Otherwise, we would still be having problems. Monoculture was more of depending on exporting the crude oil to earn foreign exchange. We still have problem and so we need to change that structure. We keep saying it all the time, but at the end, we never do it. That is why each time I see prices of oil go up, I worry. This is because once it starts going up, we are relaxed. That is not the way to go and we have the market. Nigeria has a market where even if people produce for the economy alone, it can be absorbed. The market is very large. I think that is what we should be doing. We should demystify the oil sector. If we have to, let us refine and sell our refined products outside, not crude oil.
I think your proposition also has to do with the level of our infrastructure development?
It is part of it. You cannot industrialise without having infrastructure. The early founding fathers in my opinion, no matter their own fault, they had the right direction. They were interested in Ajaokuta, Oshogbo machines, all these research institute and so on. The idea was to build infrastructure -rail way, road, dam, power. They started them, but it was truncated. Now if you try to travel within our roads in Nigeria, you would see that we are in a very bad shape. Just roads, so infrastructure is part of it. And luckily for us, we have the resources to do those things if we are committed and if we think strategic. I always argue that this power, we know the companies in the world that have the expertise, they have the resources and so on.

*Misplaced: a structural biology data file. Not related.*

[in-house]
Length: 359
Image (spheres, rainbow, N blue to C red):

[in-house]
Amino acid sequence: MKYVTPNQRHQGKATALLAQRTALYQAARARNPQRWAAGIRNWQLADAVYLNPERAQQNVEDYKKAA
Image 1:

Why not invite? We say we have privatised the power sector, the assets were sold to fronts that didnâ€™t have the money and expertise. After they bought the different power companies, they came back and said there is no money and started talking about gas price. Power is very crucial for industrialisation. Prior to 1948, America had power failure. But in 1948, they decided it would never happen again and you can see where they are today. So we have a very long way to go. Sometimes Iâ€™m convinced that I have not seen as a government, whether this one or the previous government, any commitment to move the country forward. We keep doing things ad hoc. I always say that if you keep patching your trouser, one day you would have to buy a new one or you go naked and I think we have gotten to that point.